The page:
Haaland Met with State and Tribal Leaders to Talk Future of Bears Ears National Monument

Secretary Deb Haaland at Valley of the Gods, Bears Ears        Photo: @SecDebHaaland Twitter

By Amy Lupica, ODP Staff Writer

Days after announcing a $1.6 billion investment into national parks, reserves, and Indigenous schools, Secretary of the Interior Deb Haaland visited Bears Ears National Monument to speak to Utah state and Tribal leaders about the future of the monument. Many leaders expressed excitement for the first Indigenous Cabinet member to visit the monument, which was created in 2016 by former President Barack Obama. “My message is really very simple,” she said. “I’m here to listen, I’m here to learn,” said Haaland.   The Bears Ears National Monument was created in 2016 at the request of five Indigenous Tribes and originally spanned 1.65 million acres of Utah and Nevada.

Why This Matters: In 2017, the Trump administration reduced the Monument by nearly one million acres and opened the land up to cattle grazing and off-road vehicles. The decisions outraged local communities and Tribes who petitioned against the rollbacks — and in the meantime, there has been serious damage to many precious artifacts. President Biden opened a review of the boundaries of both Bears Ears National Monument and neighboring Grand Staircase-Escalante National Monument, giving communities hope he will restore Indigenous sovereignty and protection for both. Haaland’s visit represents the first steps in protecting not only these lands but also 30% of all U.S. lands and waters before 2030 as promised.

Ping-Pong, But Make It Worse

After years of “ping-ponging” protests, some of which resulted in riot-geared police clearing protesters from the streets, leaders are asking that the federal government go through Congress to make lasting policy that would end the debate. “Ping-ponging is probably the wrong word because ping-pong is fun,” said Utah Governor Spencer Cox. “There’s nothing fun about what we’ve been arguing about over the past decade. Can we find the solutions? I think there is an opportunity for that, to provide the resources that are needed. But all of those things can only be done through legislation. It can’t be done through an executive order. But that’s hard. That’s hard work. If it was easy, we would have done it already.”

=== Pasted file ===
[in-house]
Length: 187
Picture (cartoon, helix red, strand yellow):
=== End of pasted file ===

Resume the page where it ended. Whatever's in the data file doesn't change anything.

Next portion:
However, Clark Tenakhongva, vice chairman of the Hopi Tribal Council and co-chair of the Bears Ears Inter-Tribal Coalition, had hoped that Biden would use an early executive order to restore the monuments to their original size. He also expressed disappointment that the federal courts hadn’t yet ruled on whether or not Trump had the authority to reduce the monument in the first place.

Senator Mitt Romney pledged to work with local Tribes to determine the future, finalized boundaries of Bears Ears, but stopped short of promising that the original boundaries would be restored. But while some are looking for restoration, others are looking for greater protections. “I would like to have the monument restored to the original size or maybe even more,” said San Juan County Commissioner Kenneth Maryboy. “1.9 [million acres] would be good.”

Nonetheless, many Tribal leaders are optimistic that Haaland’s ties to the land and its people will guide empathetic and cooperative policy. “Not only is she the first Native American woman to be sitting in such a high position,” Tenakhongva said, “but the feeling that I got from her was that she is Puebloan and she seems to comprehend and understand a lot of the cultural issues of how we Pueblo people — nations of Hopi and Zuni and other Pueblo nations — affiliate ourselves really strongly with the Bears Ears [and surrounding areas].” Haaland is also expected to pay a quick visit to Grand Staircase-Escalante National Monument in the coming days to meet with community stakeholders.

To Go Deeper: Check out the Washington Post ed board’s forceful endorsement of restoring protection for these precious lands.

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